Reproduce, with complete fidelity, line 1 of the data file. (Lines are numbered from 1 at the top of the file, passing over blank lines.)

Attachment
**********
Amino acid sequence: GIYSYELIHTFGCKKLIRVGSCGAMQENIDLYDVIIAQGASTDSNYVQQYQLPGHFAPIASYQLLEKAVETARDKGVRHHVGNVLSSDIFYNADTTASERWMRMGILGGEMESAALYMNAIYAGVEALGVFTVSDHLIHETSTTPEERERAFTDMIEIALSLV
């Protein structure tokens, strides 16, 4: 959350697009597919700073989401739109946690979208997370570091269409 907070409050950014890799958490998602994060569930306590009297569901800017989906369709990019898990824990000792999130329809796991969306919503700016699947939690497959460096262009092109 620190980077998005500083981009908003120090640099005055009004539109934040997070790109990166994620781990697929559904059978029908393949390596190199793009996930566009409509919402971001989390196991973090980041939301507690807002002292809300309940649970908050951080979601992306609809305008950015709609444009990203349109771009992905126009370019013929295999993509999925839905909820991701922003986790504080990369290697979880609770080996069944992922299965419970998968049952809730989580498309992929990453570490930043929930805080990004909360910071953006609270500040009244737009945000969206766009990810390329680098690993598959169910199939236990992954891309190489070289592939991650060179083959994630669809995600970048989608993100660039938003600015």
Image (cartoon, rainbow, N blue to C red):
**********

Amino acid sequence: GIYSYELIHTFGCKKLIRVGSCGAMQENIDLYDVIIAQGASTDSNYVQQYQLPGHFAPIASYQLLEKAVETARDKGVRHHVGNVLSSDIFYNADTTASERWMRMGILGGEMESAALYMNAIYAGVEALGVFTVSDHLIHETSTTPEERERAFTDMIEIALSLV